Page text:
Many times people have a great deal of confusion surrounding Medicare and what it may or may not cover. Often professionals will come across the same type of questions regarding this complex benefit. Below are several scenario style questions that are most commonly heard, along with the correct responses for each. These are offered as a guide to help understand your benefit.
True or False:
1. Medicare will pay for my nursing home care as long as I need it.
A: False: Medicare Part A only covers the necessary skilled need within a nursing home. Generally days 1-20, then from day 21, the person may need to pay a co-pay amount. It will cover only up to 100 skilled days in total, but a co pay will be needed after day 21. Also, it is not usual for a person to use Medicare within a nursing home past day 21. Very few people need skilled care for more than 21 days, although it is possible.
2. I am entitled to 100 days in nursing home, so I should get all 100 days.
A: True and False: While you may be eligible for 100 days under Medicare, it is your physical skilled need that determines the length of time, 100 days is not automatic. The nursing home staff, therapy staff, along with a person’s physician, will determine if a defined skilled need is present and coverable under Medicare Part A.
3. Just being in a nursing facility means I need skilled care.
A: False: Most people residing in a nursing facility or as it is sometimes referred to, a “skilled nursing facility” are not using Medicare benefits. Remember, Medicare is designed to help you recover form an acute illness or need, it is not designed to pay for routine or custodial care (daily care such as bathing dressing and grooming). Just needing 24 care does not mean you have a “skilled need”. Medicare does pay for you to live inside a nursing home past your skilled need.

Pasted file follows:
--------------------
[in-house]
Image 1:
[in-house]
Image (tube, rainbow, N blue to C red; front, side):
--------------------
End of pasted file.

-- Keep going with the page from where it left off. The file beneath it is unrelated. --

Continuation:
4. What if I’m weak and need help with dressing and meals and bathing, those are skilled needs.
A: False: Think of a skilled need like this: After a joint surgery (e.g. a hip repair) or other acute episode, you may need a place to receive inpatient therapy or other nursing services on a limited basis to recover. Recovering does not mean regaining independence. You may recover from hip surgery and subsequent therapy, but still need help dressing, bathing or help with medications. Medicare covers only the time until skilled therapy is no longer required. If daily nursing home staff can assist you, that is not skilled and not covered.
5. Medicare will cover help in the home for as long as I need.
A: False: Medicare will cover Home Health for a skilled and usually temporary need. Again, Medicare is designed and intended to be used in short amounts to recover from an illness or medical need. It will not cover personal care attendants and assist in the home once the skilled reason is resolved.
6. Medicare will cover Assisted Living.
A: False: Medicare does not cover Assisted Living. Assisted Living is NOT a federal program, but managed by each state individually. Some State Medicaid programs may cover Assisted Living or congregate living.
7. If I signed up for an Advantage Plan (HMO or PPO) to manage my Medicare, I still have Traditional Medicare.
a. False: Medicare Part C or Advantage Plans, are third party contractors who have agreed to manage your Medicare benefits. By assigning your benefits to a third party, you no longer have original or traditional Medicare coverage. While third party contractors follow many of the same rules of traditional Medicare, they do not have to follow all of the traditional rules. Be advised when signing up for Advantage plans as to how they are managed and how your benefits will be managed and applied.